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Journal of molecular and cellular cardiology

Sustained activation of ADP/P2ry12 signaling induces SMC senescence contributing to thoracic aortic aneurysm/dissection.


PMID 27534720

Abstract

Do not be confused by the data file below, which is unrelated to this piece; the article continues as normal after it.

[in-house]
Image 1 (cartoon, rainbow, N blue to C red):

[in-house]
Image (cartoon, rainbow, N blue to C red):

Thoracic aortic aneurysm/dissection (TAAD) is characterized by excessive smooth muscle cell (SMC) loss, extracellular matrix (ECM) degradation and inflammation. However, the mechanism whereby signaling leads to SMC loss is unclear. We used senescence-associated (SA)-β-gal staining and analysis of expression of senescence-related proteins (p53, p21, p19) to show that excessive mechanical stretch (20% elongation, 3600cycles/h, 48h) induced SMC senescence. SMC senescence was also detected in TAAD specimens from both mice and humans. High-performance liquid chromatography and luciferin-luciferase-based assay revealed that excessive mechanical stretch increased adenosine diphosphate (ADP) release from SMCs both in vivo and in vitro. Elevated ADP induced SMC senescence while genetic knockout of the ADP receptor, P2Y G protein-coupled receptor 12 (P2ry12), in mice protected against SMC senescence and inflammation. Both TAAD formation and rupture were significantly reduced in P2ry12(-/-) mice. SMCs from P2ry12(-/-) mice were resistant to senescence induced by excessive mechanical stretch or ADP treatment. Mechanistically, ADP treatment sustained Ras activation, whereas pharmacological inhibition of Ras protected against SMC senescence and reduced TAAD formation. Taken together, excessive mechanical stress may induce a sustained release of ADP and promote SMC senescence via P2ry12-dependent sustained Ras activation, thereby contributing to excessive inflammation and degeneration, which provides insights into TAAD formation and progression.

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